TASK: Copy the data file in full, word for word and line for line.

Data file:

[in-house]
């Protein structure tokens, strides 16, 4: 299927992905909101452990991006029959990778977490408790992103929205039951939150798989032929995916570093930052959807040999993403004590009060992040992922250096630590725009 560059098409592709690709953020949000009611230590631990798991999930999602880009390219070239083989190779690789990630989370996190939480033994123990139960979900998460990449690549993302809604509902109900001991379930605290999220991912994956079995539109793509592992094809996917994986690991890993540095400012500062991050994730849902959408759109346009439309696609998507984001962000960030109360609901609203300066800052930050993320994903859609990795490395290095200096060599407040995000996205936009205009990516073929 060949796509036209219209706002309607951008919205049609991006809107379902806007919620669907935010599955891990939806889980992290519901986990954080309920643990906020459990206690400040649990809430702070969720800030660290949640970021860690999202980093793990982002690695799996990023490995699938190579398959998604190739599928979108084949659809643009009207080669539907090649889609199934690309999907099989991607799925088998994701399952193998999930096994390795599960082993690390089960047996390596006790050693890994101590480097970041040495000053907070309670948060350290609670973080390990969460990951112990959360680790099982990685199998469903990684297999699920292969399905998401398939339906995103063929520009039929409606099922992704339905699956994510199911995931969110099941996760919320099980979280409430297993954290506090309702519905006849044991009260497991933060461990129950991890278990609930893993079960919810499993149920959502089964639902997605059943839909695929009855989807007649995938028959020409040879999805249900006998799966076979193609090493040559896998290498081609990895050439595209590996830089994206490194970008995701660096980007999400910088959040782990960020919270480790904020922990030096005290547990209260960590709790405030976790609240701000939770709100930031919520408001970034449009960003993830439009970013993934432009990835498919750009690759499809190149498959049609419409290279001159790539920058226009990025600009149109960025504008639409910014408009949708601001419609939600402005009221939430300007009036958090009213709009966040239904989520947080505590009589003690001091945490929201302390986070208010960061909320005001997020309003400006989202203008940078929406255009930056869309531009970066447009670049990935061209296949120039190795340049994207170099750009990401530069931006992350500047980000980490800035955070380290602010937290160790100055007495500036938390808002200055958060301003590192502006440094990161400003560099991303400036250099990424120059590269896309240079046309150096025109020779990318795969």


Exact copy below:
[in-house]
């Protein structure tokens, strides 16, 4: 299927992905909101452990991006029959990778977490408790992103929205039951939150798989032929995916570093930052959807040999993403004590009060992040992922250096630590725009 560059098409592709690709953020949000009611230590631990798991999930999602880009390219070239083989190779690789990630989370996190939480033994123990139960979900998460990449690549993302809604509902109900001991379930605290999220991912994956079995539109793509592992094809996917994986690991890993540095400012500062991050994730849902959408759109346009439309696609998507984001962000960030109360609901609203300066800052930050993320994903859609990795490395290095200096060599407040995000996205936009205009990516073929 060949796509036209219209706002309607951008919205049609991006809107379902806007919620669907935010599955891990939806889980992290519901986990954080309920643990906020459990206690400040649990809430702070969720800030660290949640970021860690999202980093793990982002690695799996990023490995699938190579398959998604190739599928979108084949659809643009009207080669539907090649889609199934690309999907099989991607799925088998994701399952193998999930096994390795599960082993690390089960047996390596006790050693890994101590480097970041040495000053907070309670948060350290609670973080390990969460990951112990959360680790099982990685199998469903990684297999699920292969399905998401398939339906995103063929520009039929409606099922992704339905699956994510199911995931969110099941996760919320099980979280409430297993954290506090309702519905006849044991009260497991933060461990129950991890278990609930893993079960919810499993149920959502089964639902997605059943839909695929009855989807007649995938028959020409040879999805249900006998799966076979193609090493040559896998290498081609990895050439595209590996830089994206490194970008995701660096980007999400910088959040782990960020919270480790904020922990030096005290547990209260960590709790405030976790609240701000939770709100930031919520408001970034449009960003993830439009970013993934432009990835498919750009690759499809190149498959049609419409290279001159790539920058226009990025600009149109960025504008639409910014408009949708601001419609939600402005009221939430300007009036958090009213709009966040239904989520947080505590009589003690001091945490929201302390986070208010960061909320005001997020309003400006989202203008940078929406255009930056869309531009970066447009670049990935061209296949120039190795340049994207170099750009990401530069931006992350500047980000980490800035955070380290602010937290160790100055007495500036938390808002200055958060301003590192502006440094990161400003560099991303400036250099990424120059590269896309240079046309150096025109020779990318795969």